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How Halloween came to push out All Hallows’ Eve

Dismissed by many Spaniards as too American, the celebration’s roots lie firmly in old Europe

Halloween 2015 Ver fotogalería
A grave digger at Aznalcóllar cemetery in Seville.

In Spain, Halloween continues to make inroads despite irritation from the Catholic Church and some sectors of society, who view it as too commercial and American. This year, a Cádiz church official called it “a satanic celebration that features monsters.”

All of Spain’s major festivities are both seasonal and pagan in origin – even though most of them have been passed down via Rome – and have undergone a huge commercial re-purposing in modern times.

Old traditions were adapted to local realities in the Americas – the turnip was swapped for a pumpkin, for example, as it was easier to find

Christmas is the clearest example. As Richard Cohen, author of Chasing the Sun: The Epic Story of the Star That Gives Us Life, wrote in an eloquent article about the winter solstice in The New York Times, “virtually all cultures have their own way of acknowledging this moment.”

The longest night of the year, which paves the way for increasingly long days, is a clear victory of the sun over the forces of darkness. The Romans called it Saturnalia, we call it Christmas.

Scare campaign

Cristina Vázquez

In Valencia, authorities are expecting Halloween celebrations to take the form of large outdoor drinking binges by groups youths, a practice known as a botellón (literally, big bottle).

On the night of October 31, the city will be sending out 160 local police officers to prevent such events from taking place in downtown squares and the City of Arts and Sciences complex.

Valencian officials are also due to launch an awareness campaign called "Pásalo de miedo y no llegues a casa hecho un zombi" (or, Have a frightfully good time but don’t go home looking like a zombie).

Something similar can be said of All Hallows’ Eve, better known as Halloween in the English-speaking world.

Samhain was an old Celtic tradition held on the night of October 31 to observe the end of harvest season and the beginning of the long winter in the northern regions. A fascinating exhibition now on at the British Museum in London shows that there is no clear, unequivocal definition of Celtic culture, and that it would be more accurate to talk about artistic artifacts associated with various peoples in northern Europe.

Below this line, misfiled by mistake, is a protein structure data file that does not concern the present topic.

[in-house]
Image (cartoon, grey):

When Rome – which also had its own celebrations to mark the end of the harvest season – came into contact with these people, it adopted their customs.

Like so many other festivities, it became part of the Spanish calendar at the time Christianity became the dominant culture in the West and pagan celebrations slowly began adapting to the new world order. The date was called All Saints’ Day or All Hallows, and was dedicated to all those martyrs who lack a specific day on the calendar, and to everyone’s departed relatives as well.

The term Halloween is derived from All Hallows’ Eve, the vigil period before All Saints’ Day.

A Halloween reveler in Tokyo.
A Halloween reveler in Tokyo.

But in that diffuse Celtic world, most especially in Ireland, many old pagan traditions refused to die, such as the habit of placing a candle inside a turnip to keep spirits at bay. The potato famine pushed many Irish families to the United States in the 19th century, and those old traditions were adapted to local realities – the turnip was swapped for a pumpkin, for example, as it was much easier to find in the Americas.

With the advent of mass consumption in the US, the celebration became increasingly popular and represented millions of dollars in sales of costumes and candy, two elements derived from the Celtic customs of wearing a mask to scare away devils and supplying them with small treats to keep them entertained.

From the 1970s onwards, Hollywood did the rest, transforming Halloween into a universal celebration through classics such as John Carpenter’s 1978 horror movie Halloween and, most particularly, Steven Spielberg’s delightful depiction of the festival in E.T. (1982).

Like Roger Clarke, author of Ghosts: A Natural History, once wrote, “ghost literature has been England’s great gift to the world.” Halloween forms part of that irresistible old tale.

English version by Susana Urra.

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